"Why are we looking at a blank page, Chick?"
“Why are we looking at a blank page, Chick?”


I woke up again to another standing ovation, and I soon realized that it was the end. I checked my phone, immediately going to wikipedia to check the hype. It turns out that wikipedia does actually dish out a fair amount of praise. My prediction was right! I got up at once and shouted “bravo!” and “encore!” This wouldn’t have been awkward if the duo hadn’t already received their applause, left the stage, and came back to their Steinway stools by the time I got to cheering. From the first two notes that Chick played, my countless hours watching Jazz concerts on youtube told me that something epic was about to happen. A love note to the fair-weather listeners, Chick was piloting the auditorium to his favorite encore chart, “Spain.” As he is wont to do during his various renditions of “Spain,” Chick started out fiddling around softly, vaguely hinting at the melody for anyone who hadn’t caught on yet. Herbie soon stole the lead part, executing it as flawlessly as Chick does, while Chick took up the avant-garde “bass line.” And this is how it progressed for awhile, the two trading off melodic lines, each more complex than the last, until the build up of tension was too much. The chorus came bursting out of the stage like a cathartic squeezed pimple. If you have never heard this piece, I suggest you check out my favorite rendition here. I couldn’t help but ogle at the polytonal, polyrhythmic aural complexity emanating from the stage. It was pure bliss. The perfect conclusion to an interesting show, Herbie Hancock and Chick Corea always find a way for everyone in the audience to enjoy the experience.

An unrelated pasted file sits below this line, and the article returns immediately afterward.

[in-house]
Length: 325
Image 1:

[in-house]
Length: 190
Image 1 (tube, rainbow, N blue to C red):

PREVIEW: Handel’s Messiah

Handel's Messiah Poster   (courtesy of UMS)
Handel’s Messiah Poster (courtesy of UMS)

What: Handel’s Messiah
Who: Ann Arbor Symphony Orchestra and the UMS Choral Union
Where: Hill Auditorium
When: Saturday, Dec. 16th at 8pm
and Sunday, Dec. 17th at 2pm